This July 2007 policy brief by John Farrell is a companion piece to the Wind and Ethanol: Economies and Diseconomies of Scale report. Policymakers who promote wind energy and biofuels argue that their policies have two goals: the rapid increase in renewable energy, and the betterment of the rural and agricultural economies. Yet to date
their policies have been tailored almost entirely to achieve the first goal — more, not better.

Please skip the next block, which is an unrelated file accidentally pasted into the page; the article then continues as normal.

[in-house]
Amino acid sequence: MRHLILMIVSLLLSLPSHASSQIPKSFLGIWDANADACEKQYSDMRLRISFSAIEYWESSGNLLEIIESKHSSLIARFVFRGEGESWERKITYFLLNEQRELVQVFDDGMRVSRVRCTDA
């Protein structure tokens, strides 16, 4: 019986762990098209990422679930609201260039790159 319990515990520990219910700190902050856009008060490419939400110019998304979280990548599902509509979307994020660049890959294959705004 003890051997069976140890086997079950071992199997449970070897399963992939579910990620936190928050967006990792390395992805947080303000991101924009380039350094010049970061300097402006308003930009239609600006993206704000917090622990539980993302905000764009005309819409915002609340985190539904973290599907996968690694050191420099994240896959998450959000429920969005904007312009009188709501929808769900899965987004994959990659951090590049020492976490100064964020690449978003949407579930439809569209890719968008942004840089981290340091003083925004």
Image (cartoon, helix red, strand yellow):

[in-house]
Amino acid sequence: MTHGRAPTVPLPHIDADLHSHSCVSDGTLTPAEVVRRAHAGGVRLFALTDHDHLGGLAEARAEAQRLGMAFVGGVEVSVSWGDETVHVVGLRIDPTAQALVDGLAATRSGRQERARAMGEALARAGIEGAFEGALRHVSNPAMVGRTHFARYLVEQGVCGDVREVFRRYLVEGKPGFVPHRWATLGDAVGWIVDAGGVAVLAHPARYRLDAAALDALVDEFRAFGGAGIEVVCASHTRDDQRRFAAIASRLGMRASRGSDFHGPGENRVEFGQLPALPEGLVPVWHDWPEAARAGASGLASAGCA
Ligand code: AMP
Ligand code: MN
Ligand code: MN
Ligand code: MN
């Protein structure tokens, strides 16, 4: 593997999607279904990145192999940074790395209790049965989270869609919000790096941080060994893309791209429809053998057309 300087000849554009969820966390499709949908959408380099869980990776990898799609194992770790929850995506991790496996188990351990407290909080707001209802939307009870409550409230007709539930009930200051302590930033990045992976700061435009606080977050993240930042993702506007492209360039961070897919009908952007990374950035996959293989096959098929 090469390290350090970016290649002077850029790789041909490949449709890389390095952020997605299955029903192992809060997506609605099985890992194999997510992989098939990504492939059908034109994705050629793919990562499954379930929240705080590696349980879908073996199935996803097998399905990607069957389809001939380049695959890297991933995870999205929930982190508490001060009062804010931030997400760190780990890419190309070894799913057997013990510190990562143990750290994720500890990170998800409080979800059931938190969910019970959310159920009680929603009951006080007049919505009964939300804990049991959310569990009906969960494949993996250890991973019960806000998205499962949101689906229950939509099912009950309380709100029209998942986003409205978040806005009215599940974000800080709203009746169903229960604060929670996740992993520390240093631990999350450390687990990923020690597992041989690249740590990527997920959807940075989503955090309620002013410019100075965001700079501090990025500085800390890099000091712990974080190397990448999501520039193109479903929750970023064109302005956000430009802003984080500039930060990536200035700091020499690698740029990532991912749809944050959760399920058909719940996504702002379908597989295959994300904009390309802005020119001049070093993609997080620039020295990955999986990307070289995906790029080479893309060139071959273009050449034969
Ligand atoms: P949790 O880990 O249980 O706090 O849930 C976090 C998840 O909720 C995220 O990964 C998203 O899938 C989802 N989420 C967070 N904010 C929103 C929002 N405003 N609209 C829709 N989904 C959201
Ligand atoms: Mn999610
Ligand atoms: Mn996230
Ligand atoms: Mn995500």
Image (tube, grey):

Larger wind farms and ethanol plants do produce energy at a lower unit cost, but because they are usually more distant from their ultimate customers, transportation related costs increase. Thus, the net cost reductions are modest.
Meanwhile, megaplants impose considerable social costs. By reducing or eliminating the possibility of majority local ownership, they dramatically reduce the facility’s benefit to rural communities and farmers. Policymakers should design maximum rural benefits.